Complexity in tax legislation on pension schemes potentially creates barriers to encouraging people to save. Clearly, there is a large reduction in the amount of the annual allowance in the clause. Before April 2009, individuals could contribute significantly more of their income into a pension and benefit from tax relief at the marginal rate of tax on such contributions. The changes will have a significant impact on the ability of individuals to save.
In addition to the preamble, I have two particular areas on which to question the Minister today. First, the costing of the changes: when the Government came in, they said that they did not want to continue with the changes we had proposed to restrict pensions tax relief but, to square that, they needed to raise the same amount of money for the Exchequer. The costings for how much the changes will raise may be over-optimistic. A commitment from the Minister today about the cost of the changes and a robust assessment of the stress testing of those costings would be helpful.
Secondly, as I outlined, in some circumstances the new annual cap of £50,000 on contributions before a tax charge is triggered will create some difficulties—not in every case, but for some people. Those are people in defined pension schemes with large deemed contributions if they get a promotion. I want some explanation of the Minister’s view of those changes.
In summary, I have drawn attention to changes that will have a significant impact, although admittedly on a small group, who are probably higher earners. However, it is important for the Minister to give an explanation to the Committee of the impact of the changes, so that we can assess them fully before agreeing to the clause.
It is worth giving some background to the change. The Government provide generous tax relief to save for a pension, to encourage individuals to take responsibility for retirement planning and in recognition of pensions being less flexible than other forms of saving.
Under the previous Government, the cost of tax relief, net of income tax on pensions paid, doubled to nearly £20 billion per annum by 2009-10. To ensure that pension tax relief remains fair, affordable and sustainable, we confirmed in the June Budget last year that we would proceed with the previous Government’s aim of reducing the cost of tax relief on pensions by £4 billion every year.
The right hon. Member for Delyn will remember the previous Government’s plans. They were complex and seen as unfair and anti-competitive. He raised the issue of cost and asked how much revenue would be raised by the measures. For the period between 2011-12 and 2015-16, the proposals put forward by his colleagues when in Government—once updated to reflect new economic data—would have raised £15.6 billion in total. Across the same period, the measures that we have proposed will raise £16.6 billion. Therefore, we will raise additional tax revenue as a consequence of introducing this legislation, and I hope that the right hon. Gentleman will recognise that.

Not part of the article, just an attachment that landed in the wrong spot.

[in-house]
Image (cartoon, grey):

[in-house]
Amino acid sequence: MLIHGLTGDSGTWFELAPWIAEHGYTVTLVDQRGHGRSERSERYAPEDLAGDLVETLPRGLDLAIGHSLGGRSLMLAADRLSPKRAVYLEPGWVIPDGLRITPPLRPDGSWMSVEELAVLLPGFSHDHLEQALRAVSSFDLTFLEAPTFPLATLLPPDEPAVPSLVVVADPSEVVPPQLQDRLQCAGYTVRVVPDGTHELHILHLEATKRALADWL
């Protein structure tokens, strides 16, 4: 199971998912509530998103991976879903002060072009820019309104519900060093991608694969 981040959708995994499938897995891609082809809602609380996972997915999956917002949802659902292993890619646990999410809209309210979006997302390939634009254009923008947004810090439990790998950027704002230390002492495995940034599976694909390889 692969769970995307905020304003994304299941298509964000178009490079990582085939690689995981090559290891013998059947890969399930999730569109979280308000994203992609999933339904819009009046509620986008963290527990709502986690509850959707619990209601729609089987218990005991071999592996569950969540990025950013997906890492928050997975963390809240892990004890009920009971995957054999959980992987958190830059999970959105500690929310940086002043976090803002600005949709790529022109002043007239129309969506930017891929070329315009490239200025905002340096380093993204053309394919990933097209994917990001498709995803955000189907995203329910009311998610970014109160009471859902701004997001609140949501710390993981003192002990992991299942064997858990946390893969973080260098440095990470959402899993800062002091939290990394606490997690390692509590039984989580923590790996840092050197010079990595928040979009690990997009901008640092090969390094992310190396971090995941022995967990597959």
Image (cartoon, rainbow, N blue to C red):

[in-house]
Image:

Those estimates are compiled by HMRC. They are robust and we have tried to take into account data on earnings, growth, and ways to prove the model in terms of assessing the impact of the measures. They are our best estimates, and we believe that the amount of revenue raised will be marginally greater than that which would have been raised under the previous Government’s proposals.
The previous Government’s approach to achieving a reduction in pension relief introduced significant additional complexities to the tax system; it undermined pension saving and damaged UK businesses and competitiveness. We believe that an approach which limits the amount of tax relief for those who make the highest contributions is better than restricting the rate of tax relief available to those on incomes above an arbitrary threshold. In our proposals, those whose pension contributions exceed £50,000 will not receive any tax relief. Under proposals put forward by the previous Government, even those earning the highest salaries and paying the highest rate of tax would have received tax relief at a rate of 20% per annum.
We wanted to ensure a more flexible and simpler system, and we consulted on that basis. Several commentators commended our approach; the Institute for Fiscal Studies stated that perhaps the most welcome change in the 2010 Budget was the decision to rethink the previous Government’s “complex, unfair and inefficient” plans for pension contribution relief for high earners. The responses to the informal consultation held last summer confirmed our view that reducing the allowances to tax-privileged pension saving would be fairer. That approach preserves incentives to save and lessens the impact on the ability of UK businesses to attract and retain talent. It is also more straightforward to understand and implement.